It is humbling to receive the Distinguished Service Award for Lifetime Achievement considering the eminent prior recipients which include Harvey Miller, Rich Levin, David Epstein, and the many other recipients of this award. Last year you honored Keith Shapiro who is a nationally-known attorney in the bankruptcy restructuring field and an early and significant contributor to the American Bankruptcy Institute. I know his many accomplishments were extolled last year but there is one I want to mention. Keith was instrumental in forming the American Bankruptcy Board of Certification, now the American Board of Certification which is the only national certification for bankruptcy attorneys. In 1992, I took the first test given by the ABBC in Business Bankruptcy law. It was a grueling exam; thank God I passed! This year at the ABI Spring Meeting the Board will be marking its 25th anniversary which is an amazing feat thanks in large part to Keith’s efforts.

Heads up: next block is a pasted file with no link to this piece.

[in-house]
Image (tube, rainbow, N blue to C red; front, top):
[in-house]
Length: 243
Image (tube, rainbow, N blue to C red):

So, I am honored to be among those selected. Considering myself in comparison with those honorees, I have had a chance to reflect on my career and where it took me: I have had the good fortune to be a bankruptcy law clerk, to practice business bankruptcy law for over fifteen years, to serve as a bankruptcy judge for almost twenty years in Delaware overseeing many large business bankruptcy cases. I have also served as the bankruptcy judge for the District of the Virgin Islands where I have had many consumer cases (a big contrast!). Given the destruction in the islands from the recent hurricanes, those cases have been heart-breaking.